How to Hold a Camera and Other Tips for Taking Accurate Pictures of the Paranormal.

How to Hold a Camera and Other Tips for Taking Accurate Pictures of the Paranormal.
By Virginia Carraway Stark

Have you ever taken a picture and noticed a strange aura around your subject matter? Or perhaps seen something in the background that looked unmistakably (to your eye) like a spirit jetting through a doorway?

These are just a few examples of camera equipment not being used properly. Many people don’t realize that it is incredibly easy to shake or jostle a camera without realizing that your hands are unsteady. If at all possible simply use a tripod. Tripods are available for iphones and androids as well as for digital cameras. If you are holding your camera, hold it with both hands and cradle it in your hand to help provide a stable surface. This not only prevents strange effects that may mistakenly be assumed to be paranormal, it also makes your pictures of a higher quality and easier to see detail. Hold the camera closer to your body rather than at arms length for better pictures or rest your hand against a stable surface like a tree or a wall to help keep things in focus.

If you are using something other than you phone camera you may have to learn about shutter speeds and how they match with focal points on lenses. These can distort the picture if poorly matched and create eerie effects.

Another tip to keep in mind is what filter you use. If you can only buy one filter, buy a polarizing filter. These filters are designed to keep glare down from water and other shiny, reflective surfaces that can cause false halos and make bugs or dust glow like orbs.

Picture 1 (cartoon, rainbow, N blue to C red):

Here’s a simple trick: avoid using your flash. Never use your flash outdoors. It is unnecessary and creates false shadows that can make the eye interpret those shadows as faces or forms. Even indoors flashes make things look stark and unreal and can create odd optical illusions that can cause confusion rather than confirmation of the paranormal.

Prevent what looks like motion by not moving your camera rapidly. Moving the camera is a way that professional photographers use to induce the appearance of motion and getting excited and moving the camera to follow something can create the image of a fast moving ‘something’ in the picture. Don’t be fooled, you’re only fooling yourself in thinking you are seeing something extraordinary in your own error.

A responsible way to get to know your equipment is to play around with it. See how it makes it look when you play with the flash, movement, shaking and shutter speed if you are using a camera where you can adjust things like that. Learn what is natural and reproduceable and what is extraordinary before jumping to conclusions that every streak, glare or movement has a paranormal origin. Sometimes a dust mote is just a mote.